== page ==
A poll of Michigan Democrats shows Geoffrey Fieger, who is considering a run for governor, currently leads for the nomination. Granted, he's only taking 28% of the vote and probably getting that based off name recognition. But it's still an alarming fact for Michigan Democrats.
If you know Fieger, you probably know him as Jack Kevorkian's personal attorney. Fieger is also a demagogic personal injury lawyer who captured the gubernatorial nomination in 1998. I profiled him at the time. He ran a campaign based on extreme personal abuse (his opponent's babies, Fieger suggested, have corkscrew tails) and accusing the governor of embezzling billions from the state budget, a charge that turned out to be rooted in Fieger's grotesque ignorance of basic budget facts:
Fieger has conducted his campaign as if he were waging a class-action lawsuit on behalf of the entire population. He accuses Engler of racism, poor economic management, neglect of social spending, and many other evil things. He promises, as redress, the protection of every existing job, plus more spending on infrastructure, the environment, and education--and huge tax cuts, too.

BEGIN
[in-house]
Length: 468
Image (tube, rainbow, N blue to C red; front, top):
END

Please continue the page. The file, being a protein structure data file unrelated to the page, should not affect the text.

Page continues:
It's a breathtaking series of promises, and they make sense only if you grasp Fieger's core political belief: Governor Engler is massively looting the state budget. Fieger clings to this notion with the feverish certainty of a conspiracy theorist. But, while most other conspiracy buffs immerse themselves in endless minutiae--the make of Oswald's gun, the weather conditions at Roswell--Fieger lacks even rudimentary facts. In a meeting with the Detroit News editorial board, he explained: "The money is there. ... The federal government says we have thirty-five billion dollars. Mr. Engler's budget shows revenues of 21.5 billion dollars. That's a difference of 14.5 billion dollars. Maybe it's going out the back door."
Fieger's facts are almost right. The state spends $31 billion and takes in only $23 billion in revenue. But there is an innocent, none-too-secret explanation for the $8 billion gap--that's the amount of money the federal government contributes to the state budget. And, even if that were not the case, the $8 billion discrepancy would prove the opposite of what Fieger intends; it is usually an indication of embezzlement if the state is spending less than it brings in, not more. Yet Fieger revels in his ignorance. When the News asked him how much revenue the state income tax brought in, he answered, "I have no idea." He then put a transcript of the interview on his campaign website.
Fieger lost to Engler 62-38. He might not be the best choice for governor.